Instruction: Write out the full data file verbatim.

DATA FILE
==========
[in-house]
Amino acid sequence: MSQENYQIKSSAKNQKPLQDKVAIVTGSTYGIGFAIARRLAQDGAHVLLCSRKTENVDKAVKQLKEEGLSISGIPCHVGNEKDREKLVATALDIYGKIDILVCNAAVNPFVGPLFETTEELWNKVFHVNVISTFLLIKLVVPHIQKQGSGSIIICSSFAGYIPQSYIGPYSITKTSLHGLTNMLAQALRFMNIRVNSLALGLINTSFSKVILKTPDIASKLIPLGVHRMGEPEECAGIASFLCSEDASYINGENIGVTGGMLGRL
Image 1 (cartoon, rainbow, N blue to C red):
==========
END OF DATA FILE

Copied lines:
[in-house]
Amino acid sequence: MSQENYQIKSSAKNQKPLQDKVAIVTGSTYGIGFAIARRLAQDGAHVLLCSRKTENVDKAVKQLKEEGLSISGIPCHVGNEKDREKLVATALDIYGKIDILVCNAAVNPFVGPLFETTEELWNKVFHVNVISTFLLIKLVVPHIQKQGSGSIIICSSFAGYIPQSYIGPYSITKTSLHGLTNMLAQALRFMNIRVNSLALGLINTSFSKVILKTPDIASKLIPLGVHRMGEPEECAGIASFLCSEDASYINGENIGVTGGMLGRL
Image 1 (cartoon, rainbow, N blue to C red):